It’s starting to bleed through into things like a marvelously reduced attention span, incredibly hostile mood (yeah, more so than usual), grumbling at dogs who are doing dog stuff, and even, I suspect, the complete shit that passes for blog posts that I’ve been planting here. Sorry about that. I don’t know that coming clean about it makes those bad posts any better, but it’s at least honest.
There are things I could do that would probably improve my quality of sleep – banish the animals and the electronics from the bedroom, cut way back on liquid consumption after dinner, and generally try to decrease aggravation from 8PM onward. None of those things feel particularly likely to happen, though, so maybe we should all just get use to expecting me to be more surly and less coherent from here on out.
I’ve had a queen mattress for about as long as I can remember. Last night I found myself flopping down, too far past bed time for reasonable thought, onto a king sized affair. A normal person might have made a mental note of the comfort or it’s adaquacy for a threesome. Me? Yeah, my thought as sleep descended was “Wow, if I had a bigger bed I could get more dogs.”
Yep. This is precisely the kind of inner monologue I live with every single day.
If you thought movin’ on up was going to in any way interfere with regular installments of WAJTW you clearly don’t know me at all. In my head there’s always something worth bitching about. Like these:
1. Going bump in the night. Two nights in a row I was brought out of a dead sleep by something going bump in the night. It’s a fine little rush, but doesn’t make for a restful time. The third time it happened it wasn’t so much a bump as it was a persistent scratching… and that’s when reality sank in. My headboard and George’s tank align almost perfectly and are separated by two thicknesses of drywall and about three inches of air. Every time he did a little excavating or nudged the side of the tank I was hearing my tortoise loud and clear from half a foot away. That made it a lot less unnerving at 3AM, but didn’t do much at all to eliminate it’s the week’s most annoying “discover” here at Casa de Jeff v2.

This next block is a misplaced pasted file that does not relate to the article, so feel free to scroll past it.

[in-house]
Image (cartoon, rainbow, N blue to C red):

2. High efficiency. I inherited a high efficiency front load washing machine. It’s an impressive piece of equipment, no doubt. However, with the old top load $300 Sears outlet model, when I set it to a normal wash cycle it would finish like clockwork in about 40 minutes. This new, improved, high efficiency model on the other hand just takes as much time as it decides it wants to take no matter what it’s set on. Could be 30 minutes. Could be 2 hours. Just depends. While my clothes, I’m sure, are cleaner than ever it sure would be nice to have a little predictability in how long getting them to that state might take.
3. Stupid dreams. So far this week I’ve had dreams about home networking, dreams about washing machines, and dreams about work. Whatever happened to dreams about Sports Illustrated cover models, I have no idea. All I know is going to bed is way less fun when it involves home improvement projects rather than scantily clad supermodels.
In a few short minutes we’ll bid a fond (and in many cases drunken) farewell to 2014 – a year mostly remarkable for the sheer volume of outright foolishness that we managed to cram into it as a species. It’s easy to assume that the whole bloody thing is going to hell in a handbag. Maybe it is. As batshit crazy as the universe seems bent on being, I still wouldn’t rather be anywhere other than right here, right now. Well, technically I suppose I’d rather be in bed, but that seems like a minor technical point. In fact I’m the only creature currently stirring in this particular house. Maggie and Winston had the good sense to go on to bed, knowing that 2015 will be here on time regardless of whether they were awake to greet it or not. In fact, following their lead seems like a better idea with each passing minute.